An blog author has brought up the discussion about null pointer dereferecing:

I've put some counter arguments here:

His main line of reasoning quoting the standard is this:

The '&podhd->line6' expression is undefined behavior in the C language when 'podhd' is a null pointer.

The C99 standard says the following about the '&' address-of operator ( "Address and indirection operators"):

The operand of the unary & operator shall be either a function designator, the result of a [] or unary * operator, or an lvalue that designates an object that is not a bit-field and is not declared with the register storage-class specifier.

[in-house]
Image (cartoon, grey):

The expression 'podhd->line6' is clearly not a function designator, the result of a [] or * operator. It is an lvalue expression. However, when the 'podhd' pointer is NULL, the expression does not designate an object since "Pointers" says:

If a null pointer constant is converted to a pointer type, the resulting pointer, called a null pointer, is guaranteed to compare unequal to a pointer to any object or function.

When "an lvalue does not designate an object when it is evaluated, the behavior is undefined" (C99 "Lvalues, arrays, and function designators"):

An lvalue is an expression with an object type or an incomplete type other than void; if an lvalue does not designate an object when it is evaluated, the behavior is undefined.

So, the same idea in brief:

When -> was executed on the pointer, it evaluated to an lvalue where no object exists, and as a result the behavior is undefined.

This question is purely language based, I'm not asking regarding whether a given system allows one to tamper with what lies at address 0 in any language.